Now here is something that will rattle your nerves. I heard a very loud clop, clop, clop on the road when I saw at least 25 buffalo coming directly towards me. I decided to do nothing but be still. If you will notice there is a motor home behind them. He was in a hurry and honked his horn. The buffalo moved off the roadway and crossed the river. I talked to a ranger later, named Shane and he said I was very lucky because buffalo spook very easily and normally one or two will charge a car that irritates them or they will stampede straight ahead. He was upset that a driver would do that and he told me that buffalo are famous for letting you know YOU are in THEIR territory. They are huge beasts and I loved being so close I could smell them. Shane told me there are about 3,000 buffalo in the park.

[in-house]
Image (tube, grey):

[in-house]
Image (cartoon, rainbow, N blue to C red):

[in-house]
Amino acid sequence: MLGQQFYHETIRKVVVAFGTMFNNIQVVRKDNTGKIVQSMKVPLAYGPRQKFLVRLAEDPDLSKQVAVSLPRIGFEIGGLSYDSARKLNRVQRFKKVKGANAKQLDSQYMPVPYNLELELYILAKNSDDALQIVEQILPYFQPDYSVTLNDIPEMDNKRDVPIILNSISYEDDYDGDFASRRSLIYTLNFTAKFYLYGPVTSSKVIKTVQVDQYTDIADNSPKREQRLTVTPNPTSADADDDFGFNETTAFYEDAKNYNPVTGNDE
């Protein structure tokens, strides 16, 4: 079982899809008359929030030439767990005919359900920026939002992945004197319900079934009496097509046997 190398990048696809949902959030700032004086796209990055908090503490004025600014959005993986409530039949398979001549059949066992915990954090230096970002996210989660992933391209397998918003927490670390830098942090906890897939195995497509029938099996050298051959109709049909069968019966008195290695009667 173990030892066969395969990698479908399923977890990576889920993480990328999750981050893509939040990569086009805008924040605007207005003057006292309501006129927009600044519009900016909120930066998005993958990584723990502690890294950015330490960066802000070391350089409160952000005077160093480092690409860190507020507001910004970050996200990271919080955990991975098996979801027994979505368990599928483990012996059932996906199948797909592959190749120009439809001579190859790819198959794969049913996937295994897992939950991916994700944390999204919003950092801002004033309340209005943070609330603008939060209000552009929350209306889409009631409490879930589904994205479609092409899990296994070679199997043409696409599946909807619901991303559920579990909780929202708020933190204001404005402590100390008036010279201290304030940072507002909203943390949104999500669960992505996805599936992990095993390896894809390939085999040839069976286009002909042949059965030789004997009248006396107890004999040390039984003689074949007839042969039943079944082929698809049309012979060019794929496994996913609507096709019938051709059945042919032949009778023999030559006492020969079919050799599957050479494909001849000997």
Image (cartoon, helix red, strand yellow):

This is Albino from Italy. He was behind me in his car when he saw the buffalo coming towards me. He asked me if I was scared. He thought I was fixin' to meet my doom.
This rock is probably the size of a large living room. I just don't understand how a tree can grow and survive on that rock.
Fifteen miles into the park, I met Mrs. Gorp and Stumpknocker. They are riding the same route I am except they started in the east and will end up in Oregon at the Pacific Ocean. They told me they had seen eight other cyclists ahead of me but none of them started on the coast like I did. They had started in different states. They forewarned me about the weather I was going to hit. She said it had been quite a trip. They had to bypass a road because a mudslide had pushed a house into the road in Kentucky. They went into a storm shelter in Kansas the night of the terrible tornado there and now they were racing ahead of a snow storm. Stumpknocker is a big time walker and you should check out his web site at trailjournals.com/stumpknocker